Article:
microscopic study. In 1834, Talbot contrived a microscope
provided with two nicol prisms for the easy production of
polarized light ; but, notwithstanding the discovery of all
these instruments and methods, it occurred to no one how
useful they could be made to geology by their application to
the systematic study of rocks. The microscopical examina-
tion of mineral powders and splinters in reflected light nat-
urally yielded no satisfactory results ; and it was not until
1850 that H. Clifton Sorby, Esq., of Sheffield, Eng., ex-
amined the first rock-section in transmitted light. But
despite this beginning, the sporadic attempts in this direc-
tion during the next twelve years,, both in England and on
the continent, profited but little. The real possibilities of
microscopical petrography were not in the faintest degree


realized. The microscope was regarded merely as an amus-
ing toy ; the main effort was to discover with it something
novel and curious, not to apply it scientifically to the solu-
tion of broad geological problems. Even Sorby's papers,
which continued to be most suggestive in this line of work,
had reference only to very special points ; and it may be
doubted if his greatest service was not the transplanting of
his ideas and methods to Germany, where they were des-
tined to rapidly take root, and bear a fruitful harvest. Pro-
fessor Fouque'* has so well described the circumstances
under which this came about, that Professor Zirkel himself
has seen fit to quote his words ; and we cannot do better
than follow his example : " En 1862, il (Sorby) avait entrepris
avec sa mere un voyage d'agrement sur les bords du Rhin.
Arrive' a Bonn, il fit connaissance d'un e'leve du corps des
mines de Prusse, nomme Zirkel, par lequel il fut accompagne
et dirige dans quelques excursions. Us visiterent ensemble
1'Eifel, le Siebengebirge, et les environs du lac de Laach.
Chaque jour, chemin faisant, une conversation inte'ressante
et anirne'e s'engageait entre le touriste et son guide sur
la nature des roches volcaniques, sur les mineraux qui
les composent, et sur les merveilleux details de struc-
ture que le microscope y re've'le. Sorby exposait avec
clarte et chaleur les magnifiques re'sultats de ses eludes.
Le soir, apres 1'excursion de la journe'e, 1'entretien se
prolongeait encore. Enfin, de retour a Bonn, le maitre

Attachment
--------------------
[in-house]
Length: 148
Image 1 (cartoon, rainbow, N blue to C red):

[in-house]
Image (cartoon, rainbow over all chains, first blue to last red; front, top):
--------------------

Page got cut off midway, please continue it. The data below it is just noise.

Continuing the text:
improvise mit sous les yeux de son jeune auditeur quel-
ques preparations microscopiques qu'il avait apporte'es, et
lui fit appre'cier par lui-meme la nettete' et Timportance
des faits qui avaient e'te 1'objet de leurs longues causeries.
Quelques jours plus tard, en quittant Zirkel, il laissait
en lui un disciple enthousiaste, qui, desormais se consa-
crant entierement aux etudes de ge'ologie micrographique,
* Revue des deux mondes, July 15, 1879, P- 49


allait bientot dans cette voie marcher de decouvertes en
decouvertes, grouper autour de lui un essaim de travail-
leurs, et devenir Tun des savans les plus celebres de

Incited by the enthusiasm of his friend, and fully realiz-
ing the great importance of the microscopical study of rocks
to geology, Zirkel undertook, during the winter of 1862-63, in
the laboratory of the geological Reichsanstalt at Vienna, the
first systematic study of rock-sections as an end in itself.
Heretofore, all such investigations had been accidental, or, at
most, accessory to some other result which was aimed at.
The difficulties in the way were, however, very great ; and at
first, as is usually the case in an entirely new departure in
scientific research, but little interest in or sympathy with the
work was manifested. The minerals in transmitted light
under the microscope exhibited an altogether different char-
acter from that which they ordinarily presented when
macroscopically examined ; and the task of gradually recog-
nizing them in their new guise was a slow and discouraging
one. Nevertheless, energy and patience overcame the
obstacles. Mistakes were constantly made, but as con-
stantly corrected, until, at length, an amount of experience
was accumulated, which fixed with tolerable accuracy the
microscopical characteristics of the commonest rock-forming
minerals. During the nine years following the beginning of
his investigations, Zirkel published a series of important
articles in the Sitzungsberichte der Wiener Akademie, in
PoggendorfFs Annalen, in the Zeitschrift der deutschen
geologischen Gesellschaft, and in the Neues Jahrbuch fur
Mineralogie, Geologic, and Palaeontologie, which disclosed
the progress made in the microscopical identification of min-
erals, as well as numerous observations regarding the
impurity of apparently homogeneous minerals, whose in-
clusions and structure had never before been suspected.


Nor was it long before another important result of micro-
scopical rock-study was attained, viz., the discovery that
several mineral species, like leucite, nepheline, apatite,
sphene, tridimite, etc., generally considered very rare, pos-
sessed, as microscopic rock-constituents, a wide distribution.
This was made especially apparent in Zirkel's Basalt-
gesteine, published in 1870, in which he found it necessary
to add to the ordinary feldspar-basalts two other classes,
characterized by their containing leucite or nepheline as
an essential constituent.

But it must not be imagined that during all these years
Zirkel was alone in his microscopical studies of rocks. In
1864 appeared Laspeyres' investigations of the porphyries
near Halle ; and soon after, many other similar papers on
volcanic rocks, by Vom Rath, Kosmann, Weiss, Dressel,
and others. Fischer's Critical Micromineralogical Studies
(1869-1873) gave the results of a large number of observa-
tions, which showed how few of the so-called mineral species
possessed really homogeneous crystals. This accounted in a
satisfactory manner for the frequent discrepancies in analy-
ses of the same mineral from different localities, or by differ-
ent investigators. But perhaps the man whose work during